Attacks in Paris reverberate throughout Gettysburg

On the evening of Nov. 13, the Islamic extremist group ISIS committed numerous acts of terrorism in Paris, France. France has been on high alert since Al Qaeda affiliates killed 17 people in Jan. 2015. Photo credit Alisa Girard

On the evening of Nov. 13, the Islamic extremist group ISIS committed numerous acts of terrorism in Paris, France. France has been on high alert since Al Qaeda affiliates killed 17 people in Jan. 2015. Photo Courtesy of Alisa Girard.

By Brendan Raleigh, Editor-in-Chief

A series of terrorist attacks took place in Paris, France this past week, killing more than 120 people and injuring over 400. The attacks, which occurred on the evening of Friday, Nov. 13, consisted of numerous coordinated bombings and mass shootings throughout the city.

While investigations are still underway, The Islamic State of Iraq and Syria (ISIS) has claimed responsibility for the attacks. French and American authorities have expressed their beliefs that the Islamist militant group is responsible.

Though the attacks took place nearly 4,000 miles away from Gettysburg, they have nevertheless had their effects on the Gettysburg College Community.

“The events of this past weekend are still very heavy to bear,” said Professor Florence Jurney, a native of France and the chair of the Gettysburg French department. “Some of us on campus are French Nationals, others have been adopted by France and see it as their home away from home. The landscape that is so familiar to us will be altered for months to come, and people will have to find ways to grieve.”

“[My reaction] was pretty much what everyone was feeling,” said Professor Jack Murphy, another member of the college’s French department. “Shock and sadness and anger, too.”

To help his students understand the attacks and how they were affecting France, Murphy and his classes went through French newspapers to analyze the reactions of French politicians and how they envisioned the country moving forward.

The day after the attacks occurred, Executive Director of Communications and Marketing Paul Redfern sent an email out to the college to confirm that all study-abroad students were “safe and accounted for.”

Of the study-abroad students, those in the Aix-en-Provence program were physically closest to the attacks – around 400 miles away from Paris. Even from that distance, students still felt the gravity of the situation.

“Overall, we all felt slightly unsafe,” said junior Alec Cottone. “Though most of us were far away from the tragedy, it still felt close and personal. While I have not talked to many French people about the attacks, everyone seems to be remaining strong. […] The French will not let this stop their daily lives. They will all continue to soldier on.”

“As a whole community, you could tell everyone in the town is mourning,” said junior Morgan Knowles, who was also in Aix at the time. “Even though we aren’t very close to Paris, it still took a toll on us. There are places around the town where flowers and candles have been placed in remembrance of these acts and the people who died. All the French people have really taken a hit from these events. It is hard not to.”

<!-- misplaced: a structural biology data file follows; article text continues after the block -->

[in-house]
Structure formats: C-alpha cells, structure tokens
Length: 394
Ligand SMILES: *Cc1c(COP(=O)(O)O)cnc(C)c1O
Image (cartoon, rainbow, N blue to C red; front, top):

Junior Shannon Doyle was staying in Paris at the time of the attacks.

“At first, we thought it was a car crash or something like that, but we noticed that the police response was abnormally quick and was followed by multiple fire trucks and ambulances,” said Doyle. “Not knowing what was happening, we went downstairs to the lobby of our hotel to see a lot of bystanders looking onto the situation. One man I asked had said that he heard an explosion in the restaurant but there was rumors of gunshots as well.”

“There is an air of sadness and somberness, similar I would imagine to that after 9/11, though I was too young to really remember,” continued Doyle. “There is also, however, a sense of solidarity. When we left our hotel in Paris the next day, the few people that were out in the road were talking with one another, grieving together and trying to process what had happened.”

Morgan Knowles said of the current atmosphere in France, “Things have lightened up, but there is still a feeling of sadness in the town and a heavy presence of police and security are a constant reminded about the attack.”

To show support for France and the victims of the attack, Gettysburg students back on campus organized a vigil for the victims of the attacks.

Meghan O’Donnell, a sophomore and a French major, planned the vigil, which will take place on Thursday at 5 p.m. in the CUB Ballroom.

“I organized the vigil in part as a way to honor [the professors who are from France] and their families, friends and neighbors in France,” said O’Donnell. “However, I also organized the vigil to join together the members of the Gettysburg College Community in solidarity and with the understanding that we are part of a larger human community.”

In addition to honoring the victims of the Paris attacks, O’Donnell stated that the vigil also will seek to honor the victims of attacks in Beirut and Baghdad.

To show of support for the people of France, many around the world and on the Gettysburg College campus have added a filter of the French flag to their profile pictures on Facebook.

“The solidarity expressed by Americans has been humbling,” said Professor Jurney. “Those of us living outside of France have been deeply touched by the many messages of support we have received. We are, and I certainly am, reminded, yet again, of the friendship that unites our two countries.”

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